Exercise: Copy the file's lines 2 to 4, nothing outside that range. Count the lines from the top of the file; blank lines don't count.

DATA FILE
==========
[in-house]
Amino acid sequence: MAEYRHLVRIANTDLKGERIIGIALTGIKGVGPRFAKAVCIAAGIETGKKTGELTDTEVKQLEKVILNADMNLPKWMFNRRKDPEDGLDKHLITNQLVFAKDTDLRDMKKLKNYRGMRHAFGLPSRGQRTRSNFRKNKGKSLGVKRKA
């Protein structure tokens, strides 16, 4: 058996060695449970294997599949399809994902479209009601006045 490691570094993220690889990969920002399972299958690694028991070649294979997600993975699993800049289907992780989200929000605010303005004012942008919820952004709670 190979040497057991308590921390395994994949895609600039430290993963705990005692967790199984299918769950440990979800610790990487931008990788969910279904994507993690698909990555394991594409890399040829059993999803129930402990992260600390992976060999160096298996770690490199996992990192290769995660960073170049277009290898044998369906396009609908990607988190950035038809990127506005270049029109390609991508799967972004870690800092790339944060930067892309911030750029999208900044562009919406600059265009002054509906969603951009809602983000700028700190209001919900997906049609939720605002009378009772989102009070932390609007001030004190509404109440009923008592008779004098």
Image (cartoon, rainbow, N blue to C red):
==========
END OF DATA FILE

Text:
Amino acid sequence: MAEYRHLVRIANTDLKGERIIGIALTGIKGVGPRFAKAVCIAAGIETGKKTGELTDTEVKQLEKVILNADMNLPKWMFNRRKDPEDGLDKHLITNQLVFAKDTDLRDMKKLKNYRGMRHAFGLPSRGQRTRSNFRKNKGKSLGVKRKA
């Protein structure tokens, strides 16, 4: 058996060695449970294997599949399809994902479209009601006045 490691570094993220690889990969920002399972299958690694028991070649294979997600993975699993800049289907992780989200929000605010303005004012942008919820952004709670 190979040497057991308590921390395994994949895609600039430290993963705990005692967790199984299918769950440990979800610790990487931008990788969910279904994507993690698909990555394991594409890399040829059993999803129930402990992260600390992976060999160096298996770690490199996992990192290769995660960073170049277009290898044998369906396009609908990607988190950035038809990127506005270049029109390609991508799967972004870690800092790339944060930067892309911030750029999208900044562009919406600059265009002054509906969603951009809602983000700028700190209001919900997906049609939720605002009378009772989102009070932390609007001030004190509404109440009923008592008779004098």
Image (cartoon, rainbow, N blue to C red):